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getting a UNIX inode in java  RSS feed

 
Chase Bonham
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How do I go about getting the INODE of a File in Java?
 
Ernest Friedman-Hill
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You won't be able to without some native code (i.e., C code linked in via the Java Native Interface). Java's platform-independent view of filesystems doesn't allow for anything that low-level.
 
Martin Simons
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An 'ls -i' command using Runtime.exec( ) would also provide this information, but it would not be especially effecient (very bad performance actually) with an extreme amount of overhead (at least seen from the Java perspective) for such a small bit of information that you can't really do anything with in Java anyway.
 
Jim Yingst
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Well, I think it's a bit premature to worry about performace here. This could be an issue if you're calling the mathod many times in a tight loop, but like most "performance issues", in many actual real-life cases it's not an issue at all. Using Runtime.exec() is a relatively easy way to do this, so if Chase really needs inode info in a Java program for some reason, that's a perfectly valid thing to try. If he needs inode info on a lot of files, it may be more efficient to modify the script to handle many files with one process, e.g "ls -iR" to recursively list the subdirectories too (if that was the goal). But it's probably best to wait until there's an observable performance problem here before worrying about how best to fix it.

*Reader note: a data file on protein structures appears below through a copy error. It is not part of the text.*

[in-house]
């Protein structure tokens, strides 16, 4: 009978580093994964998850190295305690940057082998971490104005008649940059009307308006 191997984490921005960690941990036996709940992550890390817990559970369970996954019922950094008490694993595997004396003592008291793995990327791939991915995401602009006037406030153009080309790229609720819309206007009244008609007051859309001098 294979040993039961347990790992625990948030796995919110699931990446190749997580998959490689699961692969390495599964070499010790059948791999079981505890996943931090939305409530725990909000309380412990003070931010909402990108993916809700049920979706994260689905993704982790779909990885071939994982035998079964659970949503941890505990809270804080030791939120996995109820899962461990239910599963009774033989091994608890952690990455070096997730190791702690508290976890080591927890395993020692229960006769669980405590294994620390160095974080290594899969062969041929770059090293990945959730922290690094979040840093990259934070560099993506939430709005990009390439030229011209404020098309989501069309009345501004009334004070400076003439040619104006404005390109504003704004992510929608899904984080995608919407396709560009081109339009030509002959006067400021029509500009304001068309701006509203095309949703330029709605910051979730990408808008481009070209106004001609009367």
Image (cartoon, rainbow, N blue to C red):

It is sorta covered in the JavaRanch Style Guide.
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